Charlie Chaplin finally got around to acknowledging the 20th century in this 1936 film, which substitutes machine-age gags for the fading Victoriana of his other work. Consequently, it's the coldest of his major features, though no less brilliant for it. Chaplin was criticized for stealing the assembly line sequence of Rene Clair's A nous la liberte, but Clair got it back by lifting some of City Lights for Quatorze juillet. Chaplin's rendition, at any rate, is much more alive and meaningful in character terms than Clair's; the difference between them is the difference between genius and talent. With Paulette Goddard, Henry Bergman, and a colleague from the Sennett days, Chester Conklin.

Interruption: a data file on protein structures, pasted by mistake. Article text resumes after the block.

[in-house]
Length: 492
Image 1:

By Dave Kehr